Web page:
efalù Cathedral is the farthest monument of the Norman Arab artistic itinerary of Palermo, its style is also slightly different from the other works. In fact, it has many features of the northern Europe Romanesque architecture that the other nine building of the UNESCO World Heritage Site in Palermo do not have.
The history of Cefalù Cathedral dates back to a legend: the Norman king Roger II wanted it to be build because during a dangerous sailing from Salerno to Palermo he made a vow to God that he would build a wonderful church in the place where he would have landed. Roger was lucky and survived that travel, since he did not disembark in Palermo, but in Cefalù, decided to keep his promise and build a cathedral there.
According to Roger’s original project Cefalù Cathedral had to be wonderful and imposing. They started the construction in 1131 and also important artists took part in the project. Roger called them from all Europe because he wanted his church to be the most beautiful of the whole West. The idea of the Norman king was to make Cefalù Cathedral become his own mausoleum. Unfortunately, he died all of a sudden in Palermo and was buried in its Cathedral. Moreover, when the king died the church of Cefalù was not finished yet and after his death his great plans were not respected. This is the reason why there are such clear irregularities in the structure of the monument. They abandoned the original project of Cefalù Cathedral because the new Norman king William I who was rather interested in the construction of Monreale Cathedral. Therefore, Cefalù Cathedral was finally completed only during the reign of Frederick.
In the following centuries this wonderful church was not much modified and the few adjustments made were poor: for instance, some mosaics made in the 17th century on the side walls of the presbytery to complete the Byzantine ones.
Since its foundation the church of Cefalù was entrusted to the Augustinian Canons coming from Bagnara Calabra and its first bishop was Jocelmo. Nowadays it is doubtless the most beautiful symbol of the small town. It attracts thousands of visitors, so many that in summer they outnumber the residents.
The main facade of Cefalù Cathedral is a typical example of the medieval architectonic style called Romanesque. This style spread across northern Europe between 11th and 12th century and has no specific example in Sicily, apart for the wonderful monument in Cefalù.
Cefalù Cathedral is a basilica with a Latin cross plan, three aisles separated by a series of arches supported by sixteen monolithic columns that are easily noticeable because shafts, capitals and bases are made of materials taken from pagan temples of the 2nd century AD.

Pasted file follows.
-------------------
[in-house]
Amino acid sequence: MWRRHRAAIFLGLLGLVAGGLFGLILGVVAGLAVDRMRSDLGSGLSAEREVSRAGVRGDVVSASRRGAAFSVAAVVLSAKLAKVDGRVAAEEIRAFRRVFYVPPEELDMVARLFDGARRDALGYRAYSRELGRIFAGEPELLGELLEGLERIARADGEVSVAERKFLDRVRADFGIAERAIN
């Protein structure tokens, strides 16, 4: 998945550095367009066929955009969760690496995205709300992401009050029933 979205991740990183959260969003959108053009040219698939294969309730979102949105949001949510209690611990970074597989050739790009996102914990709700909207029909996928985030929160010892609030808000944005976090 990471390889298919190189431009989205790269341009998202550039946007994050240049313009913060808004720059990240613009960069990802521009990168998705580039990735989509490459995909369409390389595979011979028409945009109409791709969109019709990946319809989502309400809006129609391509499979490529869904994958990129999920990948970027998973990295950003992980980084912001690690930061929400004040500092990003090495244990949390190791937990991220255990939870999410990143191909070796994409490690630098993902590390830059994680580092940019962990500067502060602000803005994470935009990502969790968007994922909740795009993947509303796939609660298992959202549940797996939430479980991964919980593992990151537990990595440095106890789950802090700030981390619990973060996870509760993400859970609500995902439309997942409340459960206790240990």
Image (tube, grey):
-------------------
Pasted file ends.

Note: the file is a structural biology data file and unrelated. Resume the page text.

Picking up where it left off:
The wooden covering of the three aisles is decorated following an oriental style, probably made by the Arab workers collaborating at the construction of one of the main monuments of the Norman Arab itinerary.
The triumphal arch of the building leads to the transept was planned to be much bigger but it was reduced to speed up the construction, actually they betrayed the original project of Roger.
In the presbytery, where during the Middle Ages there were placed one beside the other the royal throne and the episcopal seat, is covered in wonderful mosaics, clearly made by Byzantine hands. In fact, Roger II called the best workers from Constantinople in order to make his Cathedral a real casket completely covered in golden. In the original project not only the presbytery had to be decorated, but also the entire church had to be full of mosaics, exactly as Monreale Cathedral.
The mosaics in the presbytery depict various angels such as Cherubs and Seraphim, Virgin Mary surrounded by the Archangels Raphael, Michael, Gabriel and Uriel, and a lot of other biblical characters and Christianity historical people of ancient and medieval world.
As in any other Byzantine Cathedral Greek artists placed there their Christ Pantocrator dominating all the inside of the building. Here Christ is represented as King (for the nimbus adorned with jewels) Priest (for the green stole) and Prophet (for the open book). In his left hand Christ holds the book of Gospels and here you can read a quotation from the Gospel of John: ‘I am the light of the world. Whoever follows me will never walk in darkness, but will have the light of life’.
When you visit Cefalù Cathedral you can also see its cloister built in Norman period. The cloister has a rectangular plan and is at least nine feet lower than the floor of the Cathedral. Cefalù cloister is the oldest in Sicily with coupled capital on twin column. The still existing covered passages have lancet arches supported by thin columns and historiated capitals. In particular, capitals have wonderful decorations, probably made by workers from Apulia, that depict biblical scenes and also elements of the medieval bestiary. This capitals can be considered the best examples of Romanesque sculpture in Sicily.